"Baby has a small tie that can't be treated"
I meet so many parents who have been told this, it seems to be popular at the moment. Parents I meet because of feeding problems; problems that are of course not being caused by that "mild tongue tie". Except they are...
Babies who might have reflux, colic or wind because they are either unable to make or maintain a deep enough latch at the breast/bottle, spending their entire feed sucking in air.
The resulting symptoms can be wide and varied, complicating diagnosis further. Some feed constantly, other sporadically; some reflux, vomit, spluttering or gulp, bobbing on and off when the milk ejection reflex (let down) is triggered or the bottle is tipped. Some gain weight whilst others don't and if baby can't organise co-ordinate their sucking and breathing fast enough, this is often misdiagnosed as "fast let down", or that baby needs a slower teat.
Some are told as their baby can protrude their tongue, it isn't restricted enough to cause problems; without considering that "pulling tongues" is really quite different to opening your mouth wide and brining your tongue forward to feed; or that you also need lift and sideways function as well as extension. Others are told the tie isn't impacting after barely a cursory look in baby's mouth, or a quick sweep under the tongue.
The other BIG problem with simply having a quick peek in a baby's mouth, is you can often confirm whether a frenulum is restrictive, but it's much harder to confirm insignificance the same way. In order to do so you have to piece together the signs and symptoms, watch the baby at the breast/bottle, assess their suck and what the tongue is actually doing during the feed. If there are significant indicators, a specialist who is competent lifting the tongue is needed to complete the picture.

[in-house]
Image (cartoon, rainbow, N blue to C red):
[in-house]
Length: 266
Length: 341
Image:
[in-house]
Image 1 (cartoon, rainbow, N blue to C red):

Because problems caused by tongue tie, aren't caused by how the tie looks, but about how it allows the tongue to function (or not), and looks can be deceptive. A tie can be like a super thin wire, or slightly wider and diaphanous but still visually "tiny"; yet if it is tightly holding the tongue it doesn't matter if it's super thin or a more chunky number. Furthermore a tie can look insignificant from the front, but when assessed properly, one can find the frenulum runs back down the tongue, getting thicker and causing significant restriction further back.
"It is not always possible to predict which tongue ties will inhibit breastfeeding, as characteristics of the mother’s breasts also have an effect on such factors as milk transfer. The length of the frenum (or the apparent severity of the tongue tie) has no bearing on whether the baby will be able to breastfeed efficiently.
Mr Mervyn Griffiths found that: “…the thickness, shape and percentage length of the tongue tie were not predictors of success or failure. …This suggested that the function of the tongue (i.e. the symptoms themselves) produced by a combination of tongue, mouth and tongue tie is more important than simply the appearance of the tie.” (tonguetie.net)
Whilst cosmetically this may be the case, a tie anywhere down the tongue can significantly impede function, without causing any dramatic visual changes or pulling to a heart shape.
Regardless of where the tie is, a baby will still compensate with an alternative tongue action, which may (or may not) lead to problems. They may still fail to make a seal at the breast or bottle, pulling, slipping or gradually working their way back to a shallow latch.
Lastly one could also argue the "smaller" the tie, the more restrictive it is. Long, stretchy frenulums may not be restrictive whereas short, tight, small ties are likely to result in less movement. Does that sounds less significant to you?